During WWII, 16 members of Parkside Lodge and 20 members of Audubon Lodge served in the military. Brother Fred Walker, of Audubon Lodge, died during basic training in March, 1943. He would be the only service member of either lodge to die during the war. (There is nothing recorded for either lodge of any member serving in Korea or Vietnam. Two members of Audubon-Parside served in Desert Storm. None have served in the current conflicts.)
In early 1946, Audubon Bank, wanting new tenants for the second floor who would pay higher rent, asked Audubon Lodge to find a new meeting place. The search took place with surprising slowness, since the Audubon Masonic Temple Association wasn't incorporated by the state until February, 1950. On December 5, 1951, the Temple Association obtained title to the old Highland Theater, which had been closed for several years. This building is right next door to Audubon Lodge's original meeting place.
The conversion work began on Staturday, January 12, 1952. Every night was a work night, as was all day Saturday and half day Sunday. The seats were removed. Some were sold. Others were restuffed and recovered. The wooden armrests were sanded down and recovered with new varnish.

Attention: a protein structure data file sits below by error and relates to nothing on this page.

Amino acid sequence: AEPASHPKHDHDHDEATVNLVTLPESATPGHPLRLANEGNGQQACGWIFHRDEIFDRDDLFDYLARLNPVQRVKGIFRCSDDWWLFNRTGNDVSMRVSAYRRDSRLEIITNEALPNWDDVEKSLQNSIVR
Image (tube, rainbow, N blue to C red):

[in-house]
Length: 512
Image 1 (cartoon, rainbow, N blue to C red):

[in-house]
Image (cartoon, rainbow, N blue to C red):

The raked floor of the theater was leveled, the concrete slabs supporting the floor were broken up and carted out wheel barrowful by wheel barrowful. The wood planks were removed and as many as possible were later reused.
What is now the kitchen and dining area was originally the furnace room. The old heavy furnace was cut up and removed--not an easy task-- and sold for scrap. A new room for a more efficient furnace was then dug, one shovelful at a time.
Slowly the new interior took shape. Upright wood beams would be installed, electrical wiring added, and then boarded over to create a wall. Doors would be installed in empty archways. Plumbing would be installed and the water turned on. Paint would be applied. The seats would be attached to the lodge room floor.